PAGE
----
Photo: G.A. Peck, 2020

News & Publishing, Politics & Public Policy, Uncategorized

The Roof, the Roof, the Roof Is On Fire

Unlike George Floyd, who literally choked out his last words …

“Don’t kill me.”

“Momma.”

“I can’t breathe.”

… I only figuratively choke on words to chronicle this moment in our nation’s history. I feel inadequate and inarticulate. Nothing I can put to paper is profound enough. What can I write that I haven’t said before, after each injustice I’ve paid witness to in my lifetime — this life of mine that tonight feels privileged and impossibly long?

What have I not already said about the racial disparities that plague our culture? How can I, an inept bystander really, somehow define and encapsulate the festering wounds of racism and our pathetic inability to destroy it, once and for all?

I think I choke on these words because it’s not my story to tell. I think on these matters, as a white person who knows that I can go about my days — somedays even myself breaking laws — without that omnipresent fear that others will inherently aim to target me, harass me, disparage me, or even kill me, I might be best to shut the fuck up and listen, or better yet, to act as a conduit, a megaphone for others who know these atrocities firsthand.

I need to do a better job at making sure those stories are told. That is my mission and vow.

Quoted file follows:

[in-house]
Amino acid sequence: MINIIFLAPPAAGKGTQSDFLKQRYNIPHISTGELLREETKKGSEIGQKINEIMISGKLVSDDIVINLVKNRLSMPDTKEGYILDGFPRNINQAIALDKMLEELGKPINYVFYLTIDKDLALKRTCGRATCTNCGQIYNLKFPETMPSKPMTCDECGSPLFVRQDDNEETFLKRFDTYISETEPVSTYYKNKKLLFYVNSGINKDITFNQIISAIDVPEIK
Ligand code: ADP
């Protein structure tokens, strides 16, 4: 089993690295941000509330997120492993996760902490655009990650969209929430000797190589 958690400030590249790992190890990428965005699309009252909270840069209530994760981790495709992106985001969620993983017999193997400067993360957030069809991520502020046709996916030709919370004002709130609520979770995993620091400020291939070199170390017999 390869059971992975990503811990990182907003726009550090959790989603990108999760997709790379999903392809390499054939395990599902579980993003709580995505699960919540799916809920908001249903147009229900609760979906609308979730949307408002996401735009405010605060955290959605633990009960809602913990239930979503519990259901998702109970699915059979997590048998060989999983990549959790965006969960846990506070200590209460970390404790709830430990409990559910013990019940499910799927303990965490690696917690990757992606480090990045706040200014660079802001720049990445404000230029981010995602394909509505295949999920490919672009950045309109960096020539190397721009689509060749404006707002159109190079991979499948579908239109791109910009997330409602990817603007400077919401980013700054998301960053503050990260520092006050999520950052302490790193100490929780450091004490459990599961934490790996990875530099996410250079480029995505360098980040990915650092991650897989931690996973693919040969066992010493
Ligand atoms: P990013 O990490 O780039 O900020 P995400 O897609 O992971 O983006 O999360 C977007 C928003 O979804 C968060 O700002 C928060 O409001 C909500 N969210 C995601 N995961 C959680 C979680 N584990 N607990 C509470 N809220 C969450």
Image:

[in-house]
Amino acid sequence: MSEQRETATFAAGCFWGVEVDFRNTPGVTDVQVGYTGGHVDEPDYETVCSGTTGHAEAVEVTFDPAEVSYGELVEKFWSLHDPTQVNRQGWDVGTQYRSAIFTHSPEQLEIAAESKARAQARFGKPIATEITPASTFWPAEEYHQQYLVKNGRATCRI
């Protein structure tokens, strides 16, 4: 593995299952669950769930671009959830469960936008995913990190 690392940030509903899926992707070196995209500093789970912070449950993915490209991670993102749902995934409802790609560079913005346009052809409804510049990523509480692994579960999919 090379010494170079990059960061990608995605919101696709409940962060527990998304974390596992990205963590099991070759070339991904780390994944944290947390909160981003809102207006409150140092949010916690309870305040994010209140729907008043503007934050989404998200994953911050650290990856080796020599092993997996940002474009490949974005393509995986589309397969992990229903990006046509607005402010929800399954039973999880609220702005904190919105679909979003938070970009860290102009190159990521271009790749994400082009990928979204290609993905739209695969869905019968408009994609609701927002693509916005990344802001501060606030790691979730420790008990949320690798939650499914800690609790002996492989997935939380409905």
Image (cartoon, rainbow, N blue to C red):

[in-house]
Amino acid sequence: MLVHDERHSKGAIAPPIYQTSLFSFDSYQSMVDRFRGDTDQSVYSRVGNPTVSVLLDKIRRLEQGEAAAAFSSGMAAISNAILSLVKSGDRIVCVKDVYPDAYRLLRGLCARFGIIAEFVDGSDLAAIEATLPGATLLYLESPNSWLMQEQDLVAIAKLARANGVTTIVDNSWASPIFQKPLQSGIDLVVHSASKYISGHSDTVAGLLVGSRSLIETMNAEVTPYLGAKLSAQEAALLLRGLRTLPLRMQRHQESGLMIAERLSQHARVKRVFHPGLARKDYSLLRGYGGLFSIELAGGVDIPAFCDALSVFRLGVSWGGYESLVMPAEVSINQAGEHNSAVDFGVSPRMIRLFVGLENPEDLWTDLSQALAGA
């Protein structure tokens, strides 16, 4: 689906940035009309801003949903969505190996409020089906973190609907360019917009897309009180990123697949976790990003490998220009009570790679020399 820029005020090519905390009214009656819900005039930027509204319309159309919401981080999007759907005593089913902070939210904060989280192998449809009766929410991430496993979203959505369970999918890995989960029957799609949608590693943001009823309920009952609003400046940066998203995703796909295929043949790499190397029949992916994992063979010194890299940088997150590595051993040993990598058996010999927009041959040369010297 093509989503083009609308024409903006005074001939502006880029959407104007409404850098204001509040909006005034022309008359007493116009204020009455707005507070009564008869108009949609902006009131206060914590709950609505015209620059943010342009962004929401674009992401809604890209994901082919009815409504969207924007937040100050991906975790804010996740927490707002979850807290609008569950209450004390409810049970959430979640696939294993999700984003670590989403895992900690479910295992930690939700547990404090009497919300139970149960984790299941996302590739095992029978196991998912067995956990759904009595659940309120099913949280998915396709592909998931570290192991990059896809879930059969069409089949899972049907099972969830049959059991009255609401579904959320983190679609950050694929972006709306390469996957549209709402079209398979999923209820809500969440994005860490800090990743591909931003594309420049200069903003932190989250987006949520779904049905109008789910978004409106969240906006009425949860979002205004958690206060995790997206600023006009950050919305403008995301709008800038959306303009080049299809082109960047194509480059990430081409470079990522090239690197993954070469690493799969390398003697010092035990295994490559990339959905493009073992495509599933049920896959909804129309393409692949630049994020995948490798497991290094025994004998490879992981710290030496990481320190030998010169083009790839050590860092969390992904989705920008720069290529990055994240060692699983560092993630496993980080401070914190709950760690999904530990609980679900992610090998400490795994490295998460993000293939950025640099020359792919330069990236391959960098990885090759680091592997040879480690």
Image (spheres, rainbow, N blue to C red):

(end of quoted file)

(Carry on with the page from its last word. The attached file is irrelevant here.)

I may be better equipped to speak about protests. A child of the 60s and 70s, I have been witness to Vietnam-era rebellions, Los Angeles, Ferguson, and all the modern-era injustices that have led people to the streets to speak to their rage, to show the world their anguish.

I have myself marched, when there seemed like no other way to break through. This is all too familiar to me.

Tragically, rather than acknowledging their numbers and hearing their cries – rather than listening to their plight and empathizing with their anger – too many in this country will look at anecdotal property destruction and discount these protesters’ voices, wholesale. They will criticize them, or worse, tsk-tsk them and just move on about their days.

I sat up all night again, watching live feeds of fires burning in businesses, a news network under siege, tear gas canisters flying, and I think back to a demonstration I took part in years ago. I found myself side-by-side with a perfectly mild-mannered and otherwise peaceful, law-abiding person, who was so caught up in the moment, so unable to tamp down his rage, that he screamed out, “Burn it all down!”

That’s what rage does to human beings. That’s what being unheard, for years, decades, centuries, does to us.

As the day breaks, American cities will awaken to carnage today. They will find their neighbors and friends nursing wounds, glass on the streets, fires still smoldering. Talking heads on TV and social-media commenters will ponder, “Why have they done this? What purpose does it serve?”

They don’t understand it, because they haven’t tried to understand it.